No end to eruptions at Ecuador's Tungurahua volcano
There was no sign Sunday that eruptions at Ecuador's Tungurahua volcano would cease any time soon, geologists monitoring the activity said.
View of the Tungurahua Volcano throwing incandescent rocks and lava, from the town of Runtun, Ecuador. There was no sign Sunday that eruptions at Ecuador's Tungurahua volcano would cease any time soon, geologists monitoring the activity said.
Experts with the Geophysical Institute (IG) said that since dawn "powerful roars and explosions sounding like cannon blasts" coming from the volcano could be heard in the area, rattling windows and shaking the ground in nearby towns.
Geologists also reported a columns "with a moderate to high load of ash" rising four kilometers (2.5 miles) above the crater. Ash was reported to have spread to a dozen nearby villages.
On Saturday, and again on Sunday, there were two eruptions in which the volcano spewed gas, ash and red-hot rock, with lava pouring some 1,000 meters (3,300 feet) below the crater.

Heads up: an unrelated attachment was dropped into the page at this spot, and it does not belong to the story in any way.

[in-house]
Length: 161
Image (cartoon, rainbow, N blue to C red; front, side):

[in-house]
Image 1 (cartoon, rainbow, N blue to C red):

The 5,029-meter (16,500-foot) volcano is located about 135 kilometers (84 miles) south of the capital Quito. The volcano has been active since 1999 but its thermal activity has steadily increased since November 27.
Eruptions at the Tungurahua, which means "Throat of Fire" in the indigenous Quechua language, peaked in 2006, killing six people in a village in Chimborazo province.
The Geophysical Institute on Tuesday recommended people leave high-risk areas around the volcano.
Several communities near Tungurahua, including the tourist town of Banos with 15,000 people, were forced to evacuate during the volcano's violent eruption in 1999. Residents could only return to their homes one year later.